There are three Hebrew words used in scripture for the feasts. The first is mo’ed, which means a season or an appointed time. The second is mikrah, which is a holy convocation, a sacred assembly, or a rehearsal of God’s past, present, and future acts. The third word is chag, which means a festive celebration.
Not only are the feasts pleasurable ways to commune with God and learn of His nature, they build a timeline. The feasts are blatantly prophetic. Four of the seven feasts have been fulfilled in New Testament times, the most recent being Shavuot (Pentecost). The other three feasts have not yet been completely fulfilled; these feasts naturally provide insight into the future. Right now we are living in an time between Pentecost and the fulfillment of the last three feasts, the next of which is the Feast of Trumpets (the return of Christ). Understanding the significance of the feasts as a timeline is crucial for the believer, as it is God’s practical prophetic calendar. It provides a layout for the history of God, the present role of God, and prophetic insight into what God is going to do.
The names of the feasts often times get confused, as there are the Old Testament and New Testament names, as well as English and Hebrew names. For the sake of not being confusing I will list the most common English names of the feasts (in order) and you can use a search engine for more specific/other names. Here are the seven feasts:
- The Feast of Passover
- The Feast of Unleavened Bread
- The Feasts of First Fruits
- The Feast of Weeks (Pentecost)
- The Feast of Trumpets
- The Day of Atonement
- The Feast of Tabernacles
Eventually I hope to go in order and adress each of the seven feasts in detail, including where they are seen in the Old and New Testaments, how they apply to us today, the significance of recognizing them, their prophetic meanings, as well as what God is revealing through each one. I am also going to talk about how they relate to moves of the Spirit throughout the history of the Church and today. I hope that what I right will provide some practical information on what the feasts are as well as how they can edify you in your walk with Christ. The feasts of Israel are beautiful, holy, and intimate when experienced in their fulness. Also note that I am not writing to make a point or argument, but to bless those who will be blessed by this.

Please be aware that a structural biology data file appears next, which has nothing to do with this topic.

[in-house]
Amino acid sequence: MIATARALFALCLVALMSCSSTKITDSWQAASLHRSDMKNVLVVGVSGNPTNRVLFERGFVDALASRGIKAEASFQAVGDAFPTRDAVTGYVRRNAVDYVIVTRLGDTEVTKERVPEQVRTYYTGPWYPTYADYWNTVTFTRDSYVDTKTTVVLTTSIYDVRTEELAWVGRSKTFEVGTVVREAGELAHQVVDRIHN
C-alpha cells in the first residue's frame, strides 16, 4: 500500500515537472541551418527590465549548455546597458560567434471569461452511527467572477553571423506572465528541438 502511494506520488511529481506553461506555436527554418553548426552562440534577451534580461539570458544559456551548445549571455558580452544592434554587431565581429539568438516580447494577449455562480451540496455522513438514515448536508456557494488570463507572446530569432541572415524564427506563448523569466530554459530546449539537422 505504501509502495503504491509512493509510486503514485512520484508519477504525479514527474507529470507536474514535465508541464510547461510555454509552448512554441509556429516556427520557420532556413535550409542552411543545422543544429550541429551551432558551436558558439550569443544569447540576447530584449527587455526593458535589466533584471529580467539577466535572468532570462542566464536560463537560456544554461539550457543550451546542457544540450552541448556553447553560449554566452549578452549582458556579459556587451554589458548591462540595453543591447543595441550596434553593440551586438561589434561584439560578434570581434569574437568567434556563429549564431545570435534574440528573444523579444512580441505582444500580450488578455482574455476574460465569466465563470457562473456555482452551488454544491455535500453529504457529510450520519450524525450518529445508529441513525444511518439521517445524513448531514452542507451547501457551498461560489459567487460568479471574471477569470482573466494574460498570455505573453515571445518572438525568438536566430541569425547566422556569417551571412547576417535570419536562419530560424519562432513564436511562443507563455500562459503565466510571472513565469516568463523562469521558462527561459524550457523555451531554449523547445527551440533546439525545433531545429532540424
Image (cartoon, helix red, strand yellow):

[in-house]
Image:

"The Lord said to Moses, ‘Give the following instructions to the people of Israel. These are the Lord’s appointed festivals, which you are to proclaim as official days for holy assembly’." (Lev. 23:1-2)
1:20 pm • 10 February 2013 • 12 notes
Sometimes I get so overwhelmed with love that I can’t contain it. I have to find someone to encourage, to hug, someone to pour my affection onto. Thank you God for this spiritual gift of love, its glorious. I can’t wait until I’m a father. Someday I will have many children, an army of sons and daughters that will walk in a love revelation. They will be children of miracles. Apostles, teachers, lovers, and healers. They will not be looked down upon because of their age, because God can use anyone yielded, especially the little ones. CAN’T WAIT. SHACKA SHACKA SHACKA.
12:46 am • 30 November 2012 • 18 notes